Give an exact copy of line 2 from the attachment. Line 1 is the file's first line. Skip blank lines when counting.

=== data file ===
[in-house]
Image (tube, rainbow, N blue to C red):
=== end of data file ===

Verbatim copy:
Image (tube, rainbow, N blue to C red):